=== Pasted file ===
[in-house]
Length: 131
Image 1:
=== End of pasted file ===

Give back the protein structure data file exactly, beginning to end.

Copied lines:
[in-house]
Length: 131
Image 1: